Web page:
Chad.
    Sorry if you took that the wrong way. That comment was directed at the youtube clip.
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    The cost of disposal of worn out or obsolete solar panels
    I just spotted this from earlier. Solar systems are not the sort of thing you update or replace like tv or computers or phones. The solar hot water system we installed at our old house 20+ years ago is still going strong. And it's still enough to manage hot water for a household of 4 with a dishwasher and washing machine - with no backup from power or gas for 7 or 8 months of the year. Wish I still had one, I knew it cut down our power bills. I just didn't realise how much it saved us.

    Considering the not-very-nice and massive waste disposal issues around phones and computers and other constantly replaced items, solar is much less of a problem.
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    Quote Originally Posted by skeptic View Post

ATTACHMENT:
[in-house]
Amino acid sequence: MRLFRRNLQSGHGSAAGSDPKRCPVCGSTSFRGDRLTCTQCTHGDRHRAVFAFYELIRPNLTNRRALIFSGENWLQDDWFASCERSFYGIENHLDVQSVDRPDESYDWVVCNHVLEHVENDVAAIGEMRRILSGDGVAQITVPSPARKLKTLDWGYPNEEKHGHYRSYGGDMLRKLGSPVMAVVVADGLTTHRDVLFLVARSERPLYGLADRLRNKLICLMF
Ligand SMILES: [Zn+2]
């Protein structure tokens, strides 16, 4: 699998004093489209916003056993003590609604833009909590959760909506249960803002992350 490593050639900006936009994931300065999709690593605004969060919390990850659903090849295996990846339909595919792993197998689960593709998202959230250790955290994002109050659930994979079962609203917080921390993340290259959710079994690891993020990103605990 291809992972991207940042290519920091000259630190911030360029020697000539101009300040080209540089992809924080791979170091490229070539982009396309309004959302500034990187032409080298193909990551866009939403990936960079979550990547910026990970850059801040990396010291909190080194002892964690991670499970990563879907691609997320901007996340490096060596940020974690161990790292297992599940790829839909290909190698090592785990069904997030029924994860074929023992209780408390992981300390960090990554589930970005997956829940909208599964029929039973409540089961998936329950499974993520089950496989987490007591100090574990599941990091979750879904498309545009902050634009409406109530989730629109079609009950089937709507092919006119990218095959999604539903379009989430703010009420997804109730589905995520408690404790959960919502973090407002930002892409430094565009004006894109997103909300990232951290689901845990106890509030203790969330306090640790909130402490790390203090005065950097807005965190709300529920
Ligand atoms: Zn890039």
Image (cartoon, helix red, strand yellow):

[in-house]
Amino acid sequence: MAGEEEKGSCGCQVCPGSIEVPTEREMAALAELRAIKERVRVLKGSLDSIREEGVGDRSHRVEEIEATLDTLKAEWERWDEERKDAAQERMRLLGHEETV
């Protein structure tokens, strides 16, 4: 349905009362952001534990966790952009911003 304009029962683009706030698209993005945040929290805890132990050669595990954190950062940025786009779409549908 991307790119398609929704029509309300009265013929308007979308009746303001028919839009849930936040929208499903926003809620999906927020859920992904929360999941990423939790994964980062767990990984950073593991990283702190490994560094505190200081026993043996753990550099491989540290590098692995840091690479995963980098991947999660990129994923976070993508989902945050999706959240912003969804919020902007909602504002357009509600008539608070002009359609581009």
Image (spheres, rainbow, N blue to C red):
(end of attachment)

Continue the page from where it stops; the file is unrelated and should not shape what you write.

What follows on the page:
Chad

    What a load of garbage.
    Certainly a house can be powered by solar cells with batteries for storage. At a cost. The youtube you posted stated that there was a 60% subsidy on the cost which shoots it down in flames immediately. Instead of a home owner paying, the taxpayer does. Not an advance!

    I have friends who set up their home in that way, but for a different reason. They live so far from the electricity grid that they had no choice. They are constantly complaining about how much it costs them and how much maintainance effort they have to keep putting in just to keep the power running. Not a good option!

    A third factor that is worth taking into account is safety. Domestic solar cells as a source of power costs human lives at a rate about 100 times as high as nuclear, including Chernobyl, when you calculate it out as fatalities per unit of electricity generated. The reason is the people who install solar cells and fall off ladders. Only a few so far, but the amount of power generated that way is so small that, when calculated out, deaths from solar cells make nuclear look like mothers milk.
    Deaths per TWh for all energy sources: Rooftop solar power is actually more dangerous than Chernobyl


    Notice how (you) can talk about taxes and politics, in a solar power thread, and no one attacks you. It must be nice.
    I am actually (not) allowed, to talk about taxes or politics, in a thread like this one, but it seems everyone else can.